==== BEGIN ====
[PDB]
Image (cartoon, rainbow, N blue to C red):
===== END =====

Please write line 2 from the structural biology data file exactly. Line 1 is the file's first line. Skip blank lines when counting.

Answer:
Image (cartoon, rainbow, N blue to C red):